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  1. #1
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    "Virat Kohli reminds me a lot of Viv Richards" : Michael Holding

    In an interview, former West Indian fast-bowler turned commentator Michael Holding analysed the ongoing Test series between England and India, discussed the reasons behind England's batting struggles, explained why India's fast-bowlers have impressed one and all, expressed his concerns about the future of Test cricket and spoke about his impressions of Indian captain Virat Kohli and all-rounder Hardik Pandya.




    PakPassion.net: Alastair Cook has been struggling of late, do you think we are seeing the end of a brilliant international career?

    Michael Holding:
    It's difficult to remove Alastair Cook when you don't have much in the locker in terms of replacements. If they had people knocking on the door and doing well then that would be a different matter. Alastair Cook has been a constant in the England team for many years and many different people have been tried to open with him, so if they can't find a partner for Alastair Cook, then I don't see how they can find a replacement for Cook. That would mean the selectors finding two new openers.


    PakPassion.net: England's batting in the Tests this summer has come in for some criticism. What do you make of their approach and struggles?

    Michael Holding:
    The batting has not been anywhere near as good as everyone expected. They have on paper what looks a pretty good batting line-up, but they are struggling to find an opening partner for Alastair Cook. You have Root and Bairstow and then the elongated batting order with Stokes, Buttler and Woakes coming down the order you would have thought that they would have been producing well over 300 runs in every innings. It hasn't done that so you have to say that the England batting line-up has not stood up as well as everyone will have been hoping.


    PakPassion.net: So what's wrong with the England batting line-up?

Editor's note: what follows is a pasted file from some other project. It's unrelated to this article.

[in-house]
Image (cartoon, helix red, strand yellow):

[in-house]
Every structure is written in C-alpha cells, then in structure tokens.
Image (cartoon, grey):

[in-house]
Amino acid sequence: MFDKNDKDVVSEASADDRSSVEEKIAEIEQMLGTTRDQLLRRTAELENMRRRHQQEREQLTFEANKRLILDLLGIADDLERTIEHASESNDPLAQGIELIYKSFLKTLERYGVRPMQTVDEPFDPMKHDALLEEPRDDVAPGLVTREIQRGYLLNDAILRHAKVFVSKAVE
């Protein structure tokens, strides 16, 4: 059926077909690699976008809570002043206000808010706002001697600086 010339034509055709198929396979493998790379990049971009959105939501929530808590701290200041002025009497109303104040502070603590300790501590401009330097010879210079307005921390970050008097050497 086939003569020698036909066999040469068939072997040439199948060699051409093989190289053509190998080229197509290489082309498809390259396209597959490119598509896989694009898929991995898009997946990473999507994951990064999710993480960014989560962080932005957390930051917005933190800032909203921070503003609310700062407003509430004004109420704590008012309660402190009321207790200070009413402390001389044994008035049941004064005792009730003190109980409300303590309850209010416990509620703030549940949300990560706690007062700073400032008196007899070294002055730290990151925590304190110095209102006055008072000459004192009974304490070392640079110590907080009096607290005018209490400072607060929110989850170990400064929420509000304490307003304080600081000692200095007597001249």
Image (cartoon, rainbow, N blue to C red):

Michael Holding:
    They've come up against some pretty good bowling by the Indians. This Indian bowling attack has shown that they can produce in this country. England have pretty much ruled the roost over most countries that have visited England because their bowling attack has been pretty much superior to anything that has toured England most of the time. But this time the Indian bowling attack is proving to be equal and sometimes even looking better than the England bowling attack as a complete unit.


    PakPassion.net: What are your thoughts on the role of Moeen Ali in the England Test team?

    Michael Holding:
    I think Moeen Ali played a good role in the England Test team when he was picked as a spinner who could bat. Now it seems to me that Adil Rashid is the preferred specialist spin-bowling option. It's difficult to see Moeen coming into the team primarily as a batsman. Now if Adil Rashid and Moeen Ali are both going to be picked then the selectors are thinking of playing 2 spinners which would mean getting rid of a seam bowler. But now as we approach Autumn, I expect the seamers to come into play more than the spinners. You can play two spinners in June or July in England but August going into September I would suspect that the seamers would be more valuable than two spinners.


    PakPassion.net: How impressed have you been with the Indian pace-bowlers on the current tour of England?

    Michael Holding:
    They have done a very good job and that is even without one of their better bowlers Bhuvneshwar Kumar. They are producing more fast bowlers now because they are preparing better pitches back home in domestic cricket and for some international matches. For some international matches they play at home, they still produce turning pitches because of the opposition. If you don't produce good pitches to encourage fast bowlers, then you are not going to produce fast bowlers. Yes, the Indian pace-bowlers are doing a lot of hard work and people are speculating that they are now eating differently but the pitches play a huge part in the development of fast bowlers. In the Caribbean, we do not produce many fast bowlers in Guyana or Trinidad and that is because of the nature of the pitches in those countries. It's nothing to do with working hard or eating whatever you are eating, it's down to encouraging youngsters on pitches that say yes, if I go out and try hard I will get results and I can be satisfied bowling on these surfaces. If that is not the case, then forget it. India have changed their attitude to pitches at home and that's why they aren't just producing better fast bowlers, but they are also producing better cricketers because when they play on better pitches at home, then they go overseas, it's not a surprise or shock when they play on the pitches they are getting abroad.